The global demand for meat continues to rise due to economic and population growth, but at a slower pace than 10 years ago. Poultry accounts for an increasingly large share of consumption. Large differences remain in consumption per capita between countries and among population groups.
Worldwide consumption of meat has more than doubled in the past 20 years, reaching 320 million tonnes in 2018. The global population has risen, as have incomes; both factors contribute roughly equally to rising demand for meat. That’s good news for the meat industry: consumption is forecast to rise by another 13 percent by 2028.
But for many people around the world, meat is still a luxury item whose consumption depends heavily on income. The global economic crisis caused by the Covid-19 pandemic has caused many people’s incomes to plummet. The World Bank estimates that the current crisis will push 97 million people below the poverty line, and many millions more will suffer serious financial shortfalls.
This is also true for China, the world’s biggest meat consumer. Along with another virus, African swine fever, Covid-19 is the main reason for the reduced consumption of pork in 2020. The fight against the pandemic caused the Chinese economy to grow by only 2.3 percent in 2020 – the weakest pace since 1976.
In most of the developed world, meat consumption has remained at a high and fairly constant level for decades. Each person in Germany consumes an average of 60 kg a year, while in the USA and Australia it is more than 100 kg. Over the past several years, demand in some developed countries has been declining slightly due to consumer concerns about health, animal welfare and the environment.
The biggest growth in meat consumption will take place in the developing world. According to the OECD, a club of mostly wealthy countries, demand in the developing world will rise by four times as much as in the developed world by 2028. Developing countries start from a much lower base than their developed counterparts but have faster-growing populations; nevertheless, their additional consumption will remain relatively low. This is especially clear in Africa, where overall demand is rising very quickly, but consumption per person is expected to rise only slightly in the next 10 years – from 17 to 17.5 kg per year.
The most populous country, China, consumes almost one-third of the world’s meat and has accounted for one-third of the growth in consumption over the last 20 years, even though its per capita consumption is still less than half that of the USA. Demand in China is likely to continue to rise, though at a much slower rate due to rising concerns about obesity and a population that is set to shrink from 2030 onwards.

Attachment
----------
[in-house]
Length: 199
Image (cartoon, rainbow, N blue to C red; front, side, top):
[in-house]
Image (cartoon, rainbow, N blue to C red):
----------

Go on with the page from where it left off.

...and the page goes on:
In Africa and Asia, meat consumption will overtake production. Imports will rise, especially in sub-Saharan Africa. But the global rise in meat imports will largely be driven by Asia (outside of China). The region as a whole is expected to account for around 56 percent of world trade by 2029.
The major global trends do not apply equally to all types of meat. While the share of beef and lamb in total consumption is declining, humans are eating more and more pork and poultry. Poultry alone will account for around half of the global growth in consumption in the next decade. In the USA, for example, per capita consumption of beef has fallen by about one-third in the last 30 years, while that of poultry has more than doubled. This is due, among other things, to its price advantage and lower fat content. Pork will account for around 28 percent of the growth in the next decade, driven mainly by rising consumption in Asia. Many Asian and African countries, however, consume very little pork due to the religious beliefs of a significant part of their populations.
The country-level data on overall demand and average consumption tell only part of the story. Within each country, demand varies greatly according to socioeconomic factors. In industrialized regions, meat consumption per person tends to decrease with higher education and incomes. In addition, women and young people tend to eat less meat than their older, male counterparts. In Germany, for example, men on average eat around twice as much meat as women per day. In the USA – where diets tend to be meat-heavy – men still lead consumption by about 50 percent. In poorer parts of the world, extreme income inequalities are reflected in per capita meat consumption. Among the elite, consumption levels are similar to those in the OECD countries, while meat is still a luxury for the much more numerous lower and lower-middle classes. That is another reason meat remains a status symbol for many.